Tenuta di Castellaro’s breathtaking, sustainable winery is located on Lipari, the largest of Sicily’s volcanic Aeolian Islands. . It’s in this rocky, mineral rich soil that Massimo Lentsch and Stefania Frattolillo, a couple of entrepreneurs from Bergamo planted Castellaro’s organic and sustainable vineyards in 2005.. Once a popular wine region for its rich, extracted sweet wines, Lipari became an afterthought after phylloxera decimated the island in the late 1800’s. Castellaro’s stunning wines and burgeoning reputation amongst “wine-knows” has focused the world’s eyes on this tiny island again. The winery is entirely sustainable, powered by bio-energy, utilizing cutting-edge green technology, such as solar chimneys and wind towers, the latter being an easy source of power, as the island is lashed by near-constant ocean winds. The vineyards on the estate are planted on steep slopes, and are grown “wild”, allowing native flora and fauna to be part of the ecosystem, helping add to the rich biodiversity. The wines of Castellaro are known for their elegance, rich primary fruit, and their delicious, lip-smacking lick of salinity, from the salt-infused rains and winds of the southern Mediterranean. They have rare, Lipari Island varietals such as their famed Malvasia delle Lipari and Corinto Nero planted, along with the indigenous Sicilian varietals such as Carricante and Nero d’Avola.
Lipari Island is part of the Aeolian Archipelago, a historic group of islands on the north coast of Sicily in the Tyrrhenian Sea. Lipari is the largest of these islands and home to the winery. These incredibly fertile, volcanic soils were first planted to vine by the Phoenicians and have been producing wine for thousands of years. Steady breezes on this windswept island help cool the bunches during the hottest part of the days, making extremely hospitable conditions for organic and sustainable farming practices. The region is home to the indigenous varietals Corinto Nero and Malvasia delle Lipari. The deep volcanic sands sit atop large beds of porous volcanic slabs providing excellent drainage; even the most rainy years have little detrimental effect on the grapes.
The Tenuta di Castellaro Vineyard is located on Piana di Castellaro, a volcanic plain rising 1150 ft above the nearby Mediterranean. It is farmed organically, with a keen eye toward sustainability and minimal ecological impact. Dark sandy soils are mixed with a deep layer of rich, fertile volcanic soils, with high levels of magnesium, nitrogen, calcium and potassium. Sandier soils are often deficient in potassium, which leads to poor photosynthesis and affects fruit yields and proper berry ripening. The proximity to the sea creates a near constant wind, which helps prevent mildew and most fungus and which cools the berries during the midday heat while also occasionally lashing them with a fine slat spray, giving the finished wines their characteristic salty tang. The vines are “head-trained”, with large clusters affixed to upright poles at consistent distances, allowing for higher planting density and focusing of the plant’s energy on fewer, healthier grape bunches.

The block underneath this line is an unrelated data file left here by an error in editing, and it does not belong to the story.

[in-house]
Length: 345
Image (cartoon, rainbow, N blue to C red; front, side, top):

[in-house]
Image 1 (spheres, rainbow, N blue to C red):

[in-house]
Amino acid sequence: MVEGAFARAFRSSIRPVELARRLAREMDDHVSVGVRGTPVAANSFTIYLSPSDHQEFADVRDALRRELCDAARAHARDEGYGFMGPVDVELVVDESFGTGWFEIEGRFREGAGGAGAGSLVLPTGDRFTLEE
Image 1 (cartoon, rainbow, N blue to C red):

Corinto Nero can trace its lineage to ancient Greece but was brought to Sicily millenia ago has become the signature grape of Lipari Island. A hardy variety, it grows particularly well in sandy soils and can handle intense winds, making it well-suited to the Sicilian climate. Fairly vigorous, care must be taken with canopy management to ensure even ripening, however it retains balancing acids, even in riper vintages. Nero d’Avola has become synonymous with Sicilian viticulture and is the most planted grape on the island. Growing well in dry conditions, it gives dark coloured, extracted wines with marked tannic structure. It can become quite heavy in alcohol, but when planted at the higher elevations of Etna often gives lighter, fresher, aromatic wines of elegance. Used primarily as a blending partner for much of its existence, it has grown in popularity with the recent growth in Silician wine sales.
Hand-harvested, with careful bunch selection. The grapes are sorted, de-stemmed and gently pressed before an extended whole-bunch maceration and long fermentation. The wine is then transferred into neutral oak barrels for malolactic fermentation and aging for approximately one year before another year of aging in stainless. It is aged another 5 months in bottle (unfined and unfiltered) before release.
Deep purple with ripe black cherry, cassis, pomegranate and tomato leaf on the nose. The palate is ripe and full-bodied, with a balancing freshness given by the characteristic saline tang of Lipari and a long, kirsch finish. Tannins are evident but supple and the wine is drinkable now. Serve at cellar temperature with braised lamb, roast beef or grilled flatbreads.